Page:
Seems like a silly question. It isn't.
A few years back I was out sailing with my buddy, Matt. We were just chatting about "stuff". Nothing in particular and no specific topics. They were all topics that clearly needed to be covered, though. Our topics always are.
It was a beautiful day on Lake Michigan. We were sailing from Charlevoix to Harbor Springs in preparation for a weekend regatta. Great breeze, perfect sun, and cold beverages. I am fortunate that my friends have the coolest toys.
We were talking about sail trim and driving. Sailing stuff at first. Matt has an incredible amount of sailing knowledge. I look to him for answers first. Over the years we have become a pretty darn good team. Mostly because he helped me. Without me asking. That asking part ties right back to our discussion.
"So how are things going? For real?", asked Matt.
"Really good. No complaints.", I responded.
Matt knew I was having some struggles but not terrible ones. Not this time. He had seen me through the worst times of my life. Divorce. My life altering lie. Big stuff.
"You can ask for help. Don't go into bunker mode. THAT is how I know things aren't going well. When you disappear, I know you are struggling."
He was right but I didn't have to like it.
I didn't have a problem asking Matt for help when it came to certain sailing things because he is an expert in the field. I was asking for knowledge really so technically I wasn't even asking for help. That's how I justified it anyway.
Asking for help on things I "should" know is painful for me. I'm a grown-up and grown-ups know things. That's the rule.
Help wasn't always so hard for people to ask for. My grandparents were farmers. When it was time to make hay or harvest, the farmers worked together and helped each other. It wasn't a big deal, it was assumed. If each farmer owned a different piece of equipment, they could work together and get more done by helping each other.
When Grandpa and Grandma's house burned down, help was on the way. It wasn't asked for. Neighbors were there immediately helping haul things out of the burning house. They weren't asked to, they just did. The little building that turned into the garage was built in a day. Not fancy but functional. Neighbors pitched in and got it done. Some people are born to help.
As I was growing up, I watched my Mom and Dad help people. It was just assumed that helping was the right and good thing to do. Mom would give you the last scrap of food in the pantry if you needed it. She would because she knew that she would be ok. If we passed a car on the side of the road that had it's hazard lights flashing, you could bet Dad was going to stop and check on them. Mom and Dad were helpers, so my sister and I became helpers. Part of it is genetic and part of it is learned.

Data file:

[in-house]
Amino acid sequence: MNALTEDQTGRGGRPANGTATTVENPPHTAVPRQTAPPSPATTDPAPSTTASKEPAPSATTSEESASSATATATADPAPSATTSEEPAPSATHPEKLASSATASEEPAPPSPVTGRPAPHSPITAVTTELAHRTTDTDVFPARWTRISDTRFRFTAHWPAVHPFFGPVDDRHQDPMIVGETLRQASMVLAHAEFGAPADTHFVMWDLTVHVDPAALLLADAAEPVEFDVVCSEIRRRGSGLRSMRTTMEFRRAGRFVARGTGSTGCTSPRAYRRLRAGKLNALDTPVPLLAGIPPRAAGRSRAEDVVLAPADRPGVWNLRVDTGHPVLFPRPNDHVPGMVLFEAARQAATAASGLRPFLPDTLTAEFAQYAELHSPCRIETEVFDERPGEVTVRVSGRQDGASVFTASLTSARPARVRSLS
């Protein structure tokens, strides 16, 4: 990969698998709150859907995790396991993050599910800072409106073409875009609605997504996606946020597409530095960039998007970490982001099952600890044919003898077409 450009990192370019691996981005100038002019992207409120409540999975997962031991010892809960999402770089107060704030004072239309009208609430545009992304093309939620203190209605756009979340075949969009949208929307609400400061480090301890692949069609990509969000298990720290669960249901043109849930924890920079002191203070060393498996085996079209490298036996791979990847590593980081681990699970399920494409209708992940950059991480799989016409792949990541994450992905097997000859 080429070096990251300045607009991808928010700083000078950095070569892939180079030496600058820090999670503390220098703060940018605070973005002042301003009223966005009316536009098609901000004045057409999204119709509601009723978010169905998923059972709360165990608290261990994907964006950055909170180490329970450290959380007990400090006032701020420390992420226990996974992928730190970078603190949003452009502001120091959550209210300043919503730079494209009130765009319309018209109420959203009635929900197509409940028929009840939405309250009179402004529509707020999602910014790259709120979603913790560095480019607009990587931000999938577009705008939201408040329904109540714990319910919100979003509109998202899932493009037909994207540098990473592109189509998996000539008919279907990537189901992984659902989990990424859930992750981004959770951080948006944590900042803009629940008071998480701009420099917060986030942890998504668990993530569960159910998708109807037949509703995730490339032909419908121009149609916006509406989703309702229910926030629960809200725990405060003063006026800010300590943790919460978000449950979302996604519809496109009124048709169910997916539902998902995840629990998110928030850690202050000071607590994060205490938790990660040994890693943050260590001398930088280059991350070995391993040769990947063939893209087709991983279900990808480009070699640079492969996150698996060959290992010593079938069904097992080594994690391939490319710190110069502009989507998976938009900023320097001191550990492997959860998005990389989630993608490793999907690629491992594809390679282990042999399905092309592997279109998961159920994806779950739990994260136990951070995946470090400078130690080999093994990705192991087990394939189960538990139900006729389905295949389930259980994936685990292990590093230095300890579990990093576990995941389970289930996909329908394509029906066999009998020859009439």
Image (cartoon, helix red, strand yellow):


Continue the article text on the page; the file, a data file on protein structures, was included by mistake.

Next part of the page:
One Christmas my daughter and I were headed to my Dad's. It was about a two hour trip. She was young and picking out songs to play in between talking up a storm. We crested a hill and saw an older woman in a beautiful, long red coat walking beside her car. The car was moving along slowly at her pace and what I assumed was her husband was driving. I had to stop. Didn't have a choice. Didn't think twice. I told Sam to lock the doors behind me and went to investigate.
"Merry Christmas! Is everything ok?", I asked as I approached.
"Merry Christmas, young man. Everything is fine. I have to get out and walk sometimes because I just can't sit for long rides anymore. Thank you for stopping to check.", she replied in her smiley, grandma voice.
Samantha unlocked the door and let me in. She was grinning from ear to ear.
"What did she say???"
I told her what was going on, that everybody was ok and that they were happy that we stopped.
"I like that", she grinned. Papa heard that story before we got our boots off. It was incredibly cute to watch that interaction. Dad was proud.
Genetic predisposition reinforced by direct observation. Sam is a helper.
So why is it so damn hard to ask for help?!?!
Maybe it is that genetic predisposition. Maybe we want to be like Mom and Dad. Probably some combination of both.
Some of us don't like to ask for help because it isn't our role. We are the helpers, not the helped. It gives us a sense of satisfaction being able to help. It completes the happiness circuit in our brains.
We don't like to ask for help because we fear being let down. That might be part of the reason we are so compelled to help. We know what it's like to feel helpless or needy and don't want others to feel that way. The empathetic helper.
We don't like to ask for help because we don't want to appear weak or inadequate. We are smart/strong enough to do it by ourselves. Go help someone that needs it.
Is it ok to ask for help on your calculus homework? Absolutely. Nobody understands that stuff.
Is it ok to ask someone for help figuring out why you have the blues and can't shake them? Absolutely not. You are a grown up and should know better by now.
One of those two statements is false...
Not only is it ok to ask for help, it is the right thing to do. Suffering in silence doesn't do anybody any good. We build each other up.
I've come to the conclusion that it is courageous and selfless to ask for help. It allows others the chance to participate in that happiness circuit. Lending a hand to someone that never reaches out is a beautiful thing. Accepting the lent hand is even more so.
If you are a helper, keep helping. Don't forget to allow others the opportunity to do the same for you. If we all participate, we all become better.
Let's do the next right thing. Keep going.